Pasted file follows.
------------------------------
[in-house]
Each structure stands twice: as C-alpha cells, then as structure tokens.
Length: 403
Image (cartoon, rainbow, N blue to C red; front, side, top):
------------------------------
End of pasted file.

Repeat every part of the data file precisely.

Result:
[in-house]
Each structure stands twice: as C-alpha cells, then as structure tokens.
Length: 403
Image (cartoon, rainbow, N blue to C red; front, side, top):